O Kabir! why to the minaret goest the Imam for a call, for God is not deaf,(v) Spontaneity. A prayer being the cry of the soul in agony is most beautiful and most natural when it gushes forth spontaneously like a spring of cool water from the bowels of the Earth. It needs no embellishments of particular words and peculiar phrases. On the contrary, such adornments mar the true beauty of free expression, and very frequently the man of prayer is imperceptibly drawn in and imprisoned in the net of verbiage. All this makes a prayer artificial--a product of deliberate art divorced from feelings. Such prayers make us false to ourselves and are not at all beneficial. God is concerned with genuine emotions expressed in howsoever simple words and not with set speeches, vain repetitions, ostentatious phraseology and learned expostulations.
Why not address thy call to the mind so that it goeth within.
Maulana Rumi has given us a beautiful
illustration of a loving prayer that a simple and unsophisticated shepherd
boy was muttering in his own humble way as Prophet Moses passed by him.
He was saying:
O God! where art Thou? I would like to serve Thee. I would knit for Thee woolen garments and comb Thy hair. I would like to serve Thee with milk, curd, cheese and clarified butter, tend Thee in Thine illness, kiss Thy hands and massage Thy feet. I would like to make a sacrifice of all my sheep and goats for Thy sake.
These words of the shepherd boy sounded as heresy to the Prophet, who in a rage began to reprimand the boy saying: "Shut up your mouth, O infidel. Why are you talking like a fool? Withdraw your insolent words or else God will curse us with hell-fires for your blasphemy. God is not a human being and He does not stand in need of any of the things that you offer Him. He is a spirit, without any hands and feet, and you have insulted Him with your idle talk." Stung to the quick, the simple-hearted boy tore his clothes, ran to the wilderness and wept bitterly for having incurred the displeasure of God. In the intensity of his agony he lost his consciousness, and behold, he saw within him the Light of God and heard a sweet and kind voice assuring him that all his prayers, sincere as they were, were acceptable to God and He was greatly pleased with him for his offerings. On the other hand, when Moses went into his wonted meditation, he felt that God was sorely vexed with him for having driven a loving soul away from Him. God reprimanded him,
You came into the world for uniting people unto Me, and not for separating those who were one with Me,and spake thus:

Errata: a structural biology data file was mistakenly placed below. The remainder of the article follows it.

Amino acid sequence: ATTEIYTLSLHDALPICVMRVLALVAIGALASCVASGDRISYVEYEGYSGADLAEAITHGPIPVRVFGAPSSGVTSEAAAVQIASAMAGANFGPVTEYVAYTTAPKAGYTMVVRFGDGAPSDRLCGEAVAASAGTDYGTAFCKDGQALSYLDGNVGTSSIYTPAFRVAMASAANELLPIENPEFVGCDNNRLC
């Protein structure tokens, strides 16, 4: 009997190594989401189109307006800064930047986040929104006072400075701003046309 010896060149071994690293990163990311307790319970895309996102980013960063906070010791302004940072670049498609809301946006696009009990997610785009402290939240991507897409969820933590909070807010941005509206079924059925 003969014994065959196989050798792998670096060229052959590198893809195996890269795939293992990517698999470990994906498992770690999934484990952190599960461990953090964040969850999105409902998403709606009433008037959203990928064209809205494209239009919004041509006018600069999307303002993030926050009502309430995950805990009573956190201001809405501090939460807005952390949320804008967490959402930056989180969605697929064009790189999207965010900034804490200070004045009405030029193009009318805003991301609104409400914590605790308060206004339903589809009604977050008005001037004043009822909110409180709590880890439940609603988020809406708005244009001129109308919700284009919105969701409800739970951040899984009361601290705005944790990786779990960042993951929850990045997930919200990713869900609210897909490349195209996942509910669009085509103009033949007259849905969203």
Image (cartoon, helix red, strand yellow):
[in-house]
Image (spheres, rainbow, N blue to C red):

Everyone remembers Me in his own words and according to his own inner feelings. I have accepted all that the shepherd boy offered Me spontaneously in his innocent and unpolished words as they may appear to you, but I am highly displeased with you for having driven him from his communing with Me. I am not affected by words alone, for whatever they be, they do not in any way sanctify Me but purify the heart of him who utters them. I see not to the glossy words but to the heart and the inner sincerity that lies therein behind the words, for it is from the abundance of heart that a man speaks, no matter in what broken and uncouth words he may give expression to his feelings. O Moses! there is a world of difference between the learned, entangled in the etiquette of polished speech, and the love-stricken hearts that give vent to what is within them, the withered souls in the waste-land of the heart, lost to all sense of decency and decorum as you would call it. Don't you know that even the Government does not impose any land revenue on a land that is banjar or a waste. A martyr in God needs thy care and attention. The religion of love is quite different from the religion of set formalism and ritual and for the lovers there is no religion higher than that of God Himself. A jewel remains a jewel even if it has no hallmark on it.When Moses heard these words, he felt terrified and went to the jungle, found out the shepherd boy and said, "I have brought for you happy tidings. God has accepted all your prayer and your seemingly heretic words are as good as those of a devout and your devotion is the light of your body. Whatever comes to you from within, utter without any fear." The boy replied smilingly, "O Moses, I have now far transcended all the barriers of the flesh. Your rebuke was enough to bring in me a great change. Now I know the Great One and my condition is that which no words can portray."